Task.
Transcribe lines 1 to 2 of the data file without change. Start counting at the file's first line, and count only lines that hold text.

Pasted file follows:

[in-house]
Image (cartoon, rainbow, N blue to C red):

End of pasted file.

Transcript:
[in-house]
Image (cartoon, rainbow, N blue to C red):